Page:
Editors Note: This article is part of a five-part package dealing with operating costs in 2016. Read related articles that offer and in depth look at Fuel Spend, Tire Prices, Fleet Maintenance, and Preventative Maintenance.
Calendar-year 2016 marks the fourth consecutive year that fleet operating costs have remained stable compared to the past four years, primarily due to the continuation of lower gasoline and diesel prices.
This, along with other findings, are revealed in Automotive Fleet’s 25th annual operating cost survey, and are based on data provided by six survey partners:
- Element Fleet Management
- LeasePlan USA
- Merchants Fleet Management
- Wheels Inc.
This year’s survey is based on the analysis of actual operating costs incurred by 634,515 vehicles operated by commercial fleets, which are managed by these six fleet management companies.
Fuel Prices Continue to be Stable
Fuel represents 60% of a fleet’s total operating costs, so the lower price per gallon of fuel has had a dramatic impact on overall fleet costs. However, it has had a dramatic impact on fleets operated by energy companies, which are operating on austerity budgets to offset the decline in retail fuel prices.
In addition to lower prices at the pump, these cost reductions have been amplified by the ongoing trend by fleets to spec smaller displacement engines, when applicable, along with increased driver training to encourage more fuel-efficient driving behaviors.
Although there may be less pressure for alternative-fuel vehicles, the focus continues to be to acquire the most fuel-efficient models that can fulfill the fleet requirement. In addition, new-model vehicles tend to have higher MPG ratings than predecessor models, due to light weighting, the proliferation of higher-speed transmissions, and more efficient powertrains. The increased implementation of telematics systems has also resulted in improved route optimization and easier identification of drivers who are engaging in driving behaviors that are decreasing MPG.
What is the forecast for per gallon fuel prices in calendar-year 2017?
As many have learned through experience, fuel prices are impossible to forecast with certainty, and are influenced by a number of external variables, such as macroeconomic activity, geopolitical situations, and domestic supply and demand.
Most fleet management companies use the U.S. Energy Information Administration (EIA) of the U.S. Department of Energy forecasts for internal planning and external fuel price forecast dissemination. The EIA projects fuel costs to rise modestly over the next 12 months.
The EIA Short-Term Energy Outlook forecast is for an annual average of $2.26 per gallon of gasoline for CY-2017 from the current $2.08 per gallon in 2016. The forecast of continued flat fuel prices will be an important factor influencing 2017 and 2018 model-year acquisition decisions.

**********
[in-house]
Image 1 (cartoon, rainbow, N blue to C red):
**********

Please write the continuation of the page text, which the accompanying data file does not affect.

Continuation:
In addition, the prediction for CY-2017 is that global supply and demand for oil will remain at today’s levels, which will keep downward pressure on fuel prices. Another ongoing variable is that the percentage of imported oil has continued to drop with the increase in domestically sourced oil. This has lowered the impact of price volatility in oil-producing regions mired in political instability.
Tire Prices to Remain Stable
The second highest operating cost is replacement tires, whose pricing has been stable in 2016. A key reason for the stabilization in replacement tire prices is less volatility for the commodities used to manufacture tires, namely oil, rubber, and steel. These lower materials prices have contributed to keeping replacement tire costs flat.
Maintenance Costs to Remain Flat
Fleet maintenance costs have remained flat over the past 12 months, compared to CY-2015, with the primary factor being increased overall vehicle quality. In addition, increased maintenance intervals have contributed to lower maintenance costs for fleets.
An ongoing issue is parts availability, where the manufacturer supply chains are not able to keep up with demands for certain components — primarily related to warranty or recall covered work.
The widespread use of just-in-time manufacturing has created situations where demand exceeded production capacity and created unforeseen downtime waiting for parts deliveries.
In addition, there has been a general uptick in parts pricing. However, vehicle quality continues to remain high, helping to offset these expenses.
Another area that is putting upward pressure on maintenance costs is labor. But, maintenance still represents a relatively small segment of overall operating costs at just 10% of total operating costs. In order for maintenance to have a dramatic impact on total operating costs, it would require far more significant increases than what is anticipated in the future.
The following four articles provide an in-depth examination of 2016 operating cost trends and a forecast of expenses for the 2017 calendar-year.
Originally posted on Automotive Fleet